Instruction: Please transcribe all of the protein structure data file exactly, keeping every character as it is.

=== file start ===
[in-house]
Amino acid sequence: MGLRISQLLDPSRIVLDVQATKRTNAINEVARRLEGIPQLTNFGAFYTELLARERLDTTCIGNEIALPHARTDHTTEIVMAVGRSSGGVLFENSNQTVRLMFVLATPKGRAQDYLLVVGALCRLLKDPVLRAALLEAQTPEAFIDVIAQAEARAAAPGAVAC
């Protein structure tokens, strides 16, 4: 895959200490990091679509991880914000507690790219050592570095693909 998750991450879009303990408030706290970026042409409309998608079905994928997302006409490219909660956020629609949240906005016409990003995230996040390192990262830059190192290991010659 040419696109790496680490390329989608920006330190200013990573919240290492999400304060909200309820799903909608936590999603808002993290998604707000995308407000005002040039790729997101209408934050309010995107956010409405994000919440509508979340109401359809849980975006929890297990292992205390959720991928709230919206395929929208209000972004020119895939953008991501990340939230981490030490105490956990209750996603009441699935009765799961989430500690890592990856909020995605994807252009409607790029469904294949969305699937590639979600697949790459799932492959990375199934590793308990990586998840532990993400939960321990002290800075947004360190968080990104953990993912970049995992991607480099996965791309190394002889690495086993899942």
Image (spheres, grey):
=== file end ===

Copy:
[in-house]
Amino acid sequence: MGLRISQLLDPSRIVLDVQATKRTNAINEVARRLEGIPQLTNFGAFYTELLARERLDTTCIGNEIALPHARTDHTTEIVMAVGRSSGGVLFENSNQTVRLMFVLATPKGRAQDYLLVVGALCRLLKDPVLRAALLEAQTPEAFIDVIAQAEARAAAPGAVAC
């Protein structure tokens, strides 16, 4: 895959200490990091679509991880914000507690790219050592570095693909 998750991450879009303990408030706290970026042409409309998608079905994928997302006409490219909660956020629609949240906005016409990003995230996040390192990262830059190192290991010659 040419696109790496680490390329989608920006330190200013990573919240290492999400304060909200309820799903909608936590999603808002993290998604707000995308407000005002040039790729997101209408934050309010995107956010409405994000919440509508979340109401359809849980975006929890297990292992205390959720991928709230919206395929929208209000972004020119895939953008991501990340939230981490030490105490956990209750996603009441699935009765799961989430500690890592990856909020995605994807252009409607790029469904294949969305699937590639979600697949790459799932492959990375199934590793308990990586998840532990993400939960321990002290800075947004360190968080990104953990993912970049995992991607480099996965791309190394002889690495086993899942």
Image (spheres, grey):